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29 April 2012 0 Comments
Posted in Case Studies

Compensation for delayed diagnosis awarded after patient’s death

Author headshot image Posted by , Partner

Sometimes a timely diagnosis means the difference between life and death, literally. Unfortunately in this case the outcome was tragic, making the importance of a timely diagnosis all the more dramatic.

Henry first felt pain in his right thigh in February 1998, so he went to see his GP who ordered X-rays. He was then sent to an orthopaedic surgeon at Yeovil District Hospital and a bone scan was carried out showing an abnormality in the right thigh. Henry was diagnosed as suffering from a non-malignant condition.

A year later Henry returned to his doctor and after further x-rays was again reassured that he had a non-malignant condition. The pain in his right thigh was getting worse though, and Henry returned to his doctor earlier than planned in July 1999. Yet more x-rays were taken, and he was again reassured that he was suffering from a non-malignant condition.

The correct diagnosis was eventually made a month later when Henry fractured his right thigh. Only at this stage it was recognised that the fracture was caused by an aggressive bone tumour. Despite prompt surgery, the delay in diagnosis and treatment of the cancer and the fracture, had allowed the cancer to spread to Henry’s lungs and brain. It cased Henry to become significantly disabled and eventually die in May 2005.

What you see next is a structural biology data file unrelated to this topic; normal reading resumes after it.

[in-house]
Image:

Henry instructed Paul Rumley, a partner at Royds Withy King who is a specialist in cases of missed diagnosis of cancer, while he was still alive. Paul started acting immediately, obtaining expert reports and trying to progress the case as swiftly as it was humanly possible. Sadly, it was impossible to move fast enough as the case was complicated. It was only after Henry’s death that the case was finally settled for £127,500.

Paul comments: “This case demonstrates the vital importance of early diagnosis in cancer cases, because of the risk of it spreading to other parts of the body and becoming incurable. Sometimes of course this is unavoidable, but here the evidence was that the diagnosis could and should have been made earlier, and that the failure to do so caused the spread of the condition which proved fatal.”

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